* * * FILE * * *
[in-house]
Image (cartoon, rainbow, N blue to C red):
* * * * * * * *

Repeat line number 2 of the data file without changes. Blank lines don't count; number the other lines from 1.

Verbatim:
Image (cartoon, rainbow, N blue to C red):